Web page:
# Linear Transformations and the General Linear Group

• Dec 25th 2011, 07:39 PM
Bernhard
Linear Transformations and the General Linear Group

[note that Tapp uses the terminology $\mathbb{K}$ to denote one of { $\mathbb {R, C, H}$ where $\mathbb{H}$ is the set of all quaternions]

In section 5. Matrices as Linear Transformations we find the following definition:

Definition 1.10. If A $\in$ $M_n$( $\mathbb{K}$), define $R_A$: $\mathbb{K}^n$ $\rightarrow$ $\mathbb{K}^n$ such that for X $\in$ $\mathbb{K}^n$,

$R_A$(X) := X $\circ$ A

Then, in section 6. The general Linear Groups we find

Definition 1.13

The general linear group over $\mathbb{K}$ is

${GL}_n$( $\mathbb{K}$) := {A $\in$ $M_n$( $\mathbb{K}$) | there exists B $\in$ $M_n$( $\mathbb{K}$) with AB = BA = I}

The following more visual characterization of the general linear group is often useful:

Proposition 1.14

${GL}_n$( $\mathbb{K}$) := {A $\in$ $M_n$( $\mathbb{K}$) | $R_A$ : $\mathbb{K}^n$ $\rightarrow$ $\mathbb{K}^n$ is a linear transformation}

Now the proof for this proposition starts as follows:

Proof:

If A $\in$ ${GL}_n$( $\mathbb{K}$) and B is such that BA = I then

$R_A$ $\circ$ $R_B$ $R_{BA}$ = $R_I$ = id (the identity)

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My questions are as follows:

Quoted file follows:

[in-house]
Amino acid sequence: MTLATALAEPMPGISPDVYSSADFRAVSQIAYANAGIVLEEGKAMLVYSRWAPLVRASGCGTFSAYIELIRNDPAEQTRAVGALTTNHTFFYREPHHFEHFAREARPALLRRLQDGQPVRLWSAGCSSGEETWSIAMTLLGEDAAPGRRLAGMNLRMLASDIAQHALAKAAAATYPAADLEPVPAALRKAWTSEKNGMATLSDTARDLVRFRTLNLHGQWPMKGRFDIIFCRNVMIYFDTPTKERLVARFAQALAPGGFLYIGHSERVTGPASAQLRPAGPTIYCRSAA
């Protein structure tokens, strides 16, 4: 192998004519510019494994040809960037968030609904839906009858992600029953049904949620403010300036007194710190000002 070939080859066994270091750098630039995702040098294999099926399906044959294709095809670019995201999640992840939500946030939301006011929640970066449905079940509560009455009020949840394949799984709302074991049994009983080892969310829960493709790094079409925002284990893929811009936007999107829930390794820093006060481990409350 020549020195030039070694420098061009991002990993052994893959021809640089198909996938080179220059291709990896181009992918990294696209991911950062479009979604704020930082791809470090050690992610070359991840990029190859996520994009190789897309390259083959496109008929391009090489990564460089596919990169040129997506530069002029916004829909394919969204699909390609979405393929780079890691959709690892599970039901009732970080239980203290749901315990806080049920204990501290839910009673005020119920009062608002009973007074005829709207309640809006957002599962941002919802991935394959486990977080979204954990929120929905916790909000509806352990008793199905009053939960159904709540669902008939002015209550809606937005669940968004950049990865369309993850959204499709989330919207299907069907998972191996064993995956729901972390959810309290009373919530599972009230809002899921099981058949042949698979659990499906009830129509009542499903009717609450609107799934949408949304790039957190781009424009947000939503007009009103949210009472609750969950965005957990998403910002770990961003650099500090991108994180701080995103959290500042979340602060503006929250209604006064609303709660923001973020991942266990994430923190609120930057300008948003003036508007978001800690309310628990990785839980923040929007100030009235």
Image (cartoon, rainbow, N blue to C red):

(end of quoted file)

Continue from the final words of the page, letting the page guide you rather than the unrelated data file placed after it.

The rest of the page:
How is $R_A$ $\circ$ $R_B$ = $R_{BA}$???

How does this work since

$R_A$(X) is a 1 x n matrix
$R_B$(X) is a 1 x n matrix

so how does $R_A$ $\circ$ $R_B$ does work in matrix multplication.

Futher, why does the author express the product as $R_{BA}$ rather than $R_{AB}$ {even though in this case they are equal, I am assuming that there is some point in showing the product as $R_{BA}$}

A final question is - what is the group operation $\circ$ in $R_A$ $\circ$ $R_B$

[I am assuming it is matrix multiplication??]

Can someone please clarify these points?

Peter
• Dec 26th 2011, 12:36 AM
Opalg
Re: Linear Transformations and the General Linear Group
The group operation $\circ$ means composition of mappings. For all X in $\mathbb{K}^n$,

$(R_A\circ R_B)(X) = R_A(R_B(X)) = R_A(XB) = (XB)A = X(BA) = R_{BA}(X).$

Therefore $R_A\circ R_B = R_{BA}.$
• Dec 26th 2011, 10:50 AM
Deveno
Re: Linear Transformations and the General Linear Group
$R_A(X)$ is "multiplication of the nxn matrix X on the right by the nxn matrix A". it is usually NOT the case that $R_{BA} = R_{AB}$, because in general, and even for invertible matrices, A and B do not commute. however, if B is a (two-sided) inverse for A, then A and B DO commute.

usually, we are used to seeing the map $L_A$, which does not reverse the order of composition (there are parallel left- and right- constructions for any non-commutative operation).